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1 If you tell me you haven’t watched it, I don’t believe you.
2 and he won an Oscar for that. Huh. I have really come a long way from my humble beginnings as a film nerd.

FAW: Secret Window (2004)

I have Star Trek, The Internship and The Great Gatsby to review and after a month’s dry streak I have to admit that what actually got me back to blogging is a film nearly a decade old. It has Johnny Depp, though. So I guess it’s understandable.

FAW stands for Films About Writers. It’s a feature.

Last night I was at my mum’s couch, nearly asleep, and Secret Window started. I’ve never seen Johnny Depp as a writer in a film even though I know he’s done that at least thrice. It peaked my interest.

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The plot’s this: Johnny Depp1 portrays a writer, currently suffering from writer’s block, hiding away at a remote cabin. He’s got issues with his wife, having found her a cheater half a year earlier; with her current boyfriend who she was cheating  on him with; and with a creepy Mississippi farmer Shooter who’s accusing him of plagiarism. And then things get more interesting and a whole lot darker.

The actors are excellent and that’s not merely Johnny Depp’s radiating awesomeness. The characters are few: Mort (the writer); his almost-ex-wife; her boyfriend; Shooter; the sheriff; a private investigator Mort hired; a town citizen called Tom Greenleaf — but they all deliver and more. Since so much focus is on the characters, it helps the film a lot.

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Somewhere in the middle of the film2 it struck me that this story would fit into Stephen King’s works gloriously. And the more I thought about it, the more it made sense. Now I looked it up, and yep, apparently I can recognise my favourite author’s3 writing even when it’s in a film. Whether it’s the fact I’ve read so much of his writing or if it was the film, the biggest issue throughout the film is it being predictable – I figured out the twist way too soon into the film, as the hints to the twist are a bit too obvious.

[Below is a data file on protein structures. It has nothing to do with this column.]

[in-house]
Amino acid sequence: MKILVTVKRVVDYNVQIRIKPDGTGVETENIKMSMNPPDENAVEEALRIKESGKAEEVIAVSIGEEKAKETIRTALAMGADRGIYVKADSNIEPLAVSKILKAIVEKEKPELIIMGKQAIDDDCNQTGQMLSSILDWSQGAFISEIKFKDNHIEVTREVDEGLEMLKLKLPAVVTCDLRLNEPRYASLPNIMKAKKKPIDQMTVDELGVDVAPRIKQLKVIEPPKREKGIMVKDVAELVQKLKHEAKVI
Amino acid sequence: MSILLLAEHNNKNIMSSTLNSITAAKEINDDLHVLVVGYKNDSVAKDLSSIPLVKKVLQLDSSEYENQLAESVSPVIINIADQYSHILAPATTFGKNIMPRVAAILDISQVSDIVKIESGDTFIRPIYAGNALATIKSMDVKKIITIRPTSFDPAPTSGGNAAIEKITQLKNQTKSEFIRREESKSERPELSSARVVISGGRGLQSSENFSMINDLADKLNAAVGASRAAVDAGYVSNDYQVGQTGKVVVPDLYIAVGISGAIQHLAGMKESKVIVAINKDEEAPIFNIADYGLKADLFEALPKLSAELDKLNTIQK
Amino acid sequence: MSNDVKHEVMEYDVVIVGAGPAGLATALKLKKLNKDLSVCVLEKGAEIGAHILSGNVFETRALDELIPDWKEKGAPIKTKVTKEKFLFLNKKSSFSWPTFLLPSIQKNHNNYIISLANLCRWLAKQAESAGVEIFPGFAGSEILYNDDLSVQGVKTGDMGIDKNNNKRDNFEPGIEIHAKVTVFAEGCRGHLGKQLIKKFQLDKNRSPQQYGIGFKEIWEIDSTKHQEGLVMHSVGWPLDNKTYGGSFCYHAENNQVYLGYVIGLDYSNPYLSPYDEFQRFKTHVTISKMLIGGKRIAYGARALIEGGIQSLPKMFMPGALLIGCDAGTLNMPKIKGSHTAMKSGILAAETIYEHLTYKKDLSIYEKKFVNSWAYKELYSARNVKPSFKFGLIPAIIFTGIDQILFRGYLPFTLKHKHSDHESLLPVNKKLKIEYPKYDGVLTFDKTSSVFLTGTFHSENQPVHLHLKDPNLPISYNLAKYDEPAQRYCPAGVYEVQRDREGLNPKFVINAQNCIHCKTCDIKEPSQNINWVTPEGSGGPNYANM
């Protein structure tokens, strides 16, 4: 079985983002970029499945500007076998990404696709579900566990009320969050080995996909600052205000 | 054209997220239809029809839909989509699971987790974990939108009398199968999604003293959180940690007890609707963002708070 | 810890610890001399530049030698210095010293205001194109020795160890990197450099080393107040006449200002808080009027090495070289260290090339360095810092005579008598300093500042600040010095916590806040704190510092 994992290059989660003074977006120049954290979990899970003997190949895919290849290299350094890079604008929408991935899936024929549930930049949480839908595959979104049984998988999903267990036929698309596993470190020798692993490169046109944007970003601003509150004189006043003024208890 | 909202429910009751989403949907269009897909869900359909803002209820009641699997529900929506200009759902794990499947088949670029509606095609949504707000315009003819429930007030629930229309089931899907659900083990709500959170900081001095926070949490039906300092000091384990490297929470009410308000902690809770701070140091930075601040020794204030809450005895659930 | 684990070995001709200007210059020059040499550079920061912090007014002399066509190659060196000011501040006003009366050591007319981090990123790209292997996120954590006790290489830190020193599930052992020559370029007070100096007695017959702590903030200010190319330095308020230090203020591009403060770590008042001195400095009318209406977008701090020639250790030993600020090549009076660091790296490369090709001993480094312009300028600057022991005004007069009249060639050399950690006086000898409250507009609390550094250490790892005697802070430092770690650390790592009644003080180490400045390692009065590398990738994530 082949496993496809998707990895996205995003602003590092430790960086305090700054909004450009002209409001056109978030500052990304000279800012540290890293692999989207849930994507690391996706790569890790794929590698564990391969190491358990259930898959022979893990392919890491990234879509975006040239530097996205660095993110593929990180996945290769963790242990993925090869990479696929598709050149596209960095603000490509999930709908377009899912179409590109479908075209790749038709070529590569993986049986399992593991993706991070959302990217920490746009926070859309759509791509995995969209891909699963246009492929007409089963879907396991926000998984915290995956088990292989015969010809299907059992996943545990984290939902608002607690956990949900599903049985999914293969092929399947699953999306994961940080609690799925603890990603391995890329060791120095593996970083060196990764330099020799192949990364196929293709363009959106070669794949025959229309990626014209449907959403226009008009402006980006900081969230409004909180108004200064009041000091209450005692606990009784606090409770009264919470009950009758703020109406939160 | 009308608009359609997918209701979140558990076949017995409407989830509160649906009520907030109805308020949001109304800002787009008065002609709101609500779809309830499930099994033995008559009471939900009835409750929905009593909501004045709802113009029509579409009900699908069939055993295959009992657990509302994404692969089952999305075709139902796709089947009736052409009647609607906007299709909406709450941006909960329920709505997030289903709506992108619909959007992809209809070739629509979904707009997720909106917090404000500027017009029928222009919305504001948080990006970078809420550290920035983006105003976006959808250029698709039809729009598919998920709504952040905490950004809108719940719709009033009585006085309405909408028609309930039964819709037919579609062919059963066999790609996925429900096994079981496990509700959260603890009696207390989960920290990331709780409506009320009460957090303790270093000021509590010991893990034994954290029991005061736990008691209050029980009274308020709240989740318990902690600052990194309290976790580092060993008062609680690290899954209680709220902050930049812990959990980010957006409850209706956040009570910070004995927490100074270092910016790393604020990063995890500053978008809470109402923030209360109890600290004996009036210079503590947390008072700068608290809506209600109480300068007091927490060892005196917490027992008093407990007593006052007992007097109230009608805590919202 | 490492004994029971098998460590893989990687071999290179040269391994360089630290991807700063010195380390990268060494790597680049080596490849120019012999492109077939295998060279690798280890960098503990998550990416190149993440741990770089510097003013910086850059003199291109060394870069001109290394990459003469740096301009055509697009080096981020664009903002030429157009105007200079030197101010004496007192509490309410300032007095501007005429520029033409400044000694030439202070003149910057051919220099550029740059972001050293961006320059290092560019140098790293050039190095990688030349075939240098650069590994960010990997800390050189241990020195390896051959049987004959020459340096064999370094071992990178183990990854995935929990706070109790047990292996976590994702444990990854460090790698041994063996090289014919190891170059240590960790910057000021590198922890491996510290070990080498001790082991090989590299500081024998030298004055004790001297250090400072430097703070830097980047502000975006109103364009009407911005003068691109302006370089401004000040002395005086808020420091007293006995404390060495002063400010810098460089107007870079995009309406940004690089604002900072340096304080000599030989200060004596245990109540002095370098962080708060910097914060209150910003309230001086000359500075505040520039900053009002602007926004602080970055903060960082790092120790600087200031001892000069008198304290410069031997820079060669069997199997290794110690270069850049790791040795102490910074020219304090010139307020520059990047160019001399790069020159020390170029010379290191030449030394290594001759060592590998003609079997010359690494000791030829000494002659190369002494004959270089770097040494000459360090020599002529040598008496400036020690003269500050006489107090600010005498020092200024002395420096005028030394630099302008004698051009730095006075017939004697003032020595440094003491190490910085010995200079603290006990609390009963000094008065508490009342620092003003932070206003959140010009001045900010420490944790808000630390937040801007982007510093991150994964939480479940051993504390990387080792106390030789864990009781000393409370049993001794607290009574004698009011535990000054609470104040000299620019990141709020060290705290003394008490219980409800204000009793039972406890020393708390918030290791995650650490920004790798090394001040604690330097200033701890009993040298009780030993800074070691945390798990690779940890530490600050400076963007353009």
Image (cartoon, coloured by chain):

Secret Window isn’t brilliant, I suppose. But it has everything it has to have which makes the film simple in a good way. And it gave me chills4 which is always a good sign. The main attraction is that I loathe commercials but lived through them all even though it was 2 am and I was dead tired – predictability and suspense are both there. And Johnny Depp makes a damn good writer. And it’s the perfect cure for your average writer’s block.

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1 I’ve said his name three times already, so what. You do get why, right?
2 during another commercial break. I realised why I don’t watch cable about eight times watching the film.
3 one of them – I couldn’t choose between Vonnegut and King.
4 I am extremely easily scared so that’s not exactly hard to do but still – it has that thrill you need to have in a psychological thriller.